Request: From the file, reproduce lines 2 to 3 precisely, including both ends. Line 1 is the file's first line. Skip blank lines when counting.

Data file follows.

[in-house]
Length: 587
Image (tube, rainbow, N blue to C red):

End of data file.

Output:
Length: 587
Image (tube, rainbow, N blue to C red):